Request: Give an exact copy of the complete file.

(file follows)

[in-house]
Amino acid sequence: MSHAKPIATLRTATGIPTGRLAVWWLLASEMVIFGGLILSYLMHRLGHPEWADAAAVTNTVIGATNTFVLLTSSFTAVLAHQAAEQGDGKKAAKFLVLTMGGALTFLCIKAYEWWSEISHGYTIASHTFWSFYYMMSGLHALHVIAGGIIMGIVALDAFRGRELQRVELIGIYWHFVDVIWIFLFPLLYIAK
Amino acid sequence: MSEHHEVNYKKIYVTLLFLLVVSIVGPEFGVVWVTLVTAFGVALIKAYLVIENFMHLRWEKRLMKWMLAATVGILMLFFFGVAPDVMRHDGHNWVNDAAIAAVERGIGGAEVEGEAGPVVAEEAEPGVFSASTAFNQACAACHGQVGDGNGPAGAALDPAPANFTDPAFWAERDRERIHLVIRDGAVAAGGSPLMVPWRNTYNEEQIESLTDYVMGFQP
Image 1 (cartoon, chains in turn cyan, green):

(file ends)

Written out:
[in-house]
Amino acid sequence: MSHAKPIATLRTATGIPTGRLAVWWLLASEMVIFGGLILSYLMHRLGHPEWADAAAVTNTVIGATNTFVLLTSSFTAVLAHQAAEQGDGKKAAKFLVLTMGGALTFLCIKAYEWWSEISHGYTIASHTFWSFYYMMSGLHALHVIAGGIIMGIVALDAFRGRELQRVELIGIYWHFVDVIWIFLFPLLYIAK
Amino acid sequence: MSEHHEVNYKKIYVTLLFLLVVSIVGPEFGVVWVTLVTAFGVALIKAYLVIENFMHLRWEKRLMKWMLAATVGILMLFFFGVAPDVMRHDGHNWVNDAAIAAVERGIGGAEVEGEAGPVVAEEAEPGVFSASTAFNQACAACHGQVGDGNGPAGAALDPAPANFTDPAFWAERDRERIHLVIRDGAVAAGGSPLMVPWRNTYNEEQIESLTDYVMGFQP
Image 1 (cartoon, chains in turn cyan, green):